Crafting is awesome, which makes Pinterest a very dangerous place. Who can trip down the crafting and DIY Pinterest rabbit holes without emerging, confused, two hours later with two dozen pins saved (okay, 136 pins saved) and a shopping list of hot glue, burlap, and tiny adorable succulents? Not me! (Don’t even talk to me about the makeup and hairstyle how-tos.)
C’mon, I know at least a few of you know EXACTLY what I’m talking about!
Well, this predilection for making things doesn’t just have to be a hobby that costs you money – it can become a career that MAKES you money as well! I know: definitely a dream job for some of you! Let’s explore how you can turn your crafty skills and can-do spirit into a work-at-home career – while avoiding job scams or low-paying opportunities.
Find an Independent Contractor Job
While crafting/DIY company jobs (think seamstress or testers and tutorial builders) aren’t incredibly common, there are still several legitimate companies out there that will employ you remotely to sew or even try out DIY crafts (or beauty and hair tutorials) and create snappy walkthrough videos.
Wunderkin Co specializes in handcrafted, heirloom hair bows for children that are intricate and made with care – and they’re always open to seamstresses applying to work with them. These bows are made with Liberty of London prints and cotton fabrics, and come with a lifetime guarantee – so the company values the services of skilled seamstresses. Wunderkin Co pays around $15 to $18 per hour, and requires their seamstresses to work at least 15 to 20 hours each week (producing around 100 to 150 bows on a weekly basis). In order to qualify, you must complete six test bows for them to evaluate; you can find the instructions on their website. You must have your own sewing equipment, and Wunderkin Co will supply the fabric and trims you need each week.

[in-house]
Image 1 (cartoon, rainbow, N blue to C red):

When looking for these sorts of opportunities online, it’s important to listen to your gut and also research companies before giving them your information and your time. Any time an at-home “assembly” job sounds too good to be true, it generally is – and any company that wants you to pay them up-front before they pay you is NOT a good opportunity. Not even if they say they’ll refund your deposit later.
Land a Local Job
Have you ever thought of looking for crafty or handmade positions locally? I know that sounds counter-intuitive, but hear me out: there are quite often seamstress jobs available (for example) in various locales across the United States that are perfectly happy to let you work from home once you’ve established your skillset and trustworthiness. If you’re an excellent seamstress, you could find yourself conventionally employed and working from home in less than a month! If you find the right opportunity and have the correct equipment and home environment, of course.
Let’s take a look at a few opportunities I found recently: